Whenever we speak of technology, often such words appear in our mind: high-end, magnificent, classy…
No doubt technology is more or less constructive. Rarely do people think that it's more or less destructive, too. Just as a coin has two sides, technology has its good and bad.
Technology-driven development of our human world may be divided into four industrial revolutions that were triggered by steam engines, electricity-powered machines, computers, and cyber-based artificial intelligence.
While steam engines have extended and even freed human hands and go beyond what humans are physically capable of, it's been at the heavy price of burning coal, the dirtiest fossil fuel whose explosive use has been polluting our Earth for nearly 260 years. Electricity is generated also by burning coal or, to a lesser extent, uranium, a fatally radioactive material, or from flowing water of reservoirs that drown vegetation, damage wildlife habitats, and cut off migratory paths.
Computers extend the capability of human brains in terms of speed, storage and information processing. However, it is one of the largest consumers of electricity worldwide and its users' inactivity-induced physical discomforts are widespread due to prolonged sitting in front of them, to say nothing of its giving birth to cybercrime, cyberterrorism or even cyberwarfare. Before long, we can hear the news that a hacker invades the control system of our autopilot car and plunges it into a river.
Artificial intelligence (AI) is quickly catching up or, in some cases, exceeding human brain capability. In 2015 and 2016, AlphaGo became the first AI device to easily defeat the world's top human Go players. It signaled a pre-warning that humans sooner or later may fall into slavery to self-learning machines.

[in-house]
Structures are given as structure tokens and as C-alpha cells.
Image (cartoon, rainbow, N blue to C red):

As technological development turns increasingly complex, humans tend to be increasingly dependent on it and vulnerable. Passengers get stuck in the cold elevator of a 30-story high rise building; the digital map leads you to a dangerous cliff on the seashore when you intended to drive your sedan to a summer resort by the inland mountain in an unfamiliar city; strong solar storms paralyze the electricity grid causing residents to be without power and water for days; plastic bags degrade into invisible micro particles entering human bodies along with what we eat, drink and breathe, and eventually sinking everywhere in the body gradually damaging the organs; nonbiodegradable packages are thrown, ending up in rivers and oceans where fish die from eating it; thousands of nuclear bombs now in the hands of several countries are powerful enough to be able to destroy the earth multiple times.
Technology certainly creates new job opportunities. It wipes out more old ones. This phenomenon has become an obvious daily occurrence and unemployment caused by it is a big concern.
Technology helps cure diseases and reduces poverty, yet contaminated air, water, soil and food, as well as sound, luminous, and electromagnetic pollution are causing new physical and mental diseases and widening the gap between the rich and poor, the so-called "relative poverty."
Rainforests, the lungs of our dear Mother Earth, especially in the Amazon region and Southeast Asia, have been cut down at a rate faster than ever before due to availability of more sophisticated cutting and transportation tools. These precious plants absorb the excessive heat from the sun, inhale what industrial process emits and humans and animals breathe out – carbon dioxide, and exhale what humans, power plants, aircrafts and vehicles, etc, breathe in – oxygen. Can't we treat trees kindheartedly?
Our dear Mother Earth is no longer a paradise for living creatures. The consequences have been large-scale species extinctions and more are in danger. Don't they deserve equal rights to humans' in terms of existence?
The top urgent issue is climate change caused by global warming that accelerates as technology advances. As temperatures rise, one of the severe environmental impacts is the melting of massive ice covering Arctic and Antarctic areas, raising the sea level that, before the end of this century,may flood Shanghai, Tokyo and New York, and release the fatal viruses contained in the ice for millions of years that humans are not immune to. Unless we immediately act to reverse the trend, the stark warning issued by Stephen Hawking, one of the greatest astrophysicists, may become reality: the civilization on the earth might discontinue in 200 years and our planet might turn into a "fireball" by 2600 and, therefore (a small number of) human beings would need to emigrate to another planet such as Mars to continue our civilization.
The alarm is sounding. Fortunately, many countries are on alert and taking action, but not enough is being done.
(A former banking professional, the author is a business executive who has been published in English and Chinese internationally.)